Home Industry How 3D printing can be used in the sewing machine industry

How 3D printing can be used in the sewing machine industry

How do additive manufacturing and the sewing machine industry fit together? Quite simply. Gerhard Rempfer, Sewing Technical Service, has been a master sewing machine mechanic and sewing technician for 49 years. In that time, a lot has changed on the machines. But one thing has remained: the tedious and time-consuming production of bindings.

Conventional” becomes “additive

It was necessary to redesign the components from scratch, adapting the design to additive manufacturing and further processing. Previously, the parts were manufactured by cold forming (bending), brazing and machining. Stainless steel sheet was used as the material. This resulted in quality fluctuations and long delivery times. The binder is heavy, requires a lot of material and consists of several components.

Then Mr. Rempfer had an idea. Why not manufacture the components additively? And this is where AMbitious powered by Toolcraft came into play. Together, the existing parts were sifted through and redesigned. The goal was to simplify and speed up manufacturing. The challenge here – there are many different manufacturers as well as machine models and thus different fastening forms. Depending on the strip material, filler material or additives, the components have to be adapted. Titanium is now used in the powder bed (L-PBF process).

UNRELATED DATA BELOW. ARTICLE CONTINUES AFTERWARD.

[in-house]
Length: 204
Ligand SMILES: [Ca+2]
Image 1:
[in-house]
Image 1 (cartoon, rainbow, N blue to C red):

Dimensional accuracy for high repeatability is important during production. The behavior of the strip, the surface quality and the universal application must be taken into account. Furthermore, a fast delivery of the components is necessary to ensure a smooth production. In addition, the copper tubes that shoot in the strip by compressed air and have to be adjusted manually were replaced.

Now, air tubes are integrated into the component. This results in improved performance because the outlets are now in a location that was not possible before. This means that the compressed air arrives exactly where it is needed.

Partner from practice for practice

As a partner from practice for practice, AMbitious offers a high level of understanding of the additive manufacturing process. The experience in additive manufacturing, the knowledge of materials as well as the possibilities of further machining at Toolcraft helped with the new design of the binder.

In close cooperation with Mr. Rempfer, the component was redeveloped. It has a longer service life, less weight as well as a consistent quality. The assemblies and the handling of the entire component were simplified. The new design was carried out as free-surface modeling with parametric free surfaces in Siemens NX. The software provides data continuity from design to simulation to manufacturing.

Thus, if the size of the component changes, the construction job can simply be adjusted at the push of a button. Without interfaces, there is no loss of data and no additional effort is required to create the construction job. To date, approximately 30 different components have been designed, printed and used in this way.

AMbitious has advised on both material and further processing and supports Mr. Rempfer in sales, communication with machine manufacturers and in the development of a “standard workpiece”.

In the end, additive manufacturing of the binder is faster, easier and more cost-effective than conventional manufacturing. And since there are fewer and fewer skilled workers who can manufacture the binder conventionally, additive manufacturing thus supports the future of the sewing machine industry.

Find out more about AMbitious at am-bitious.de.

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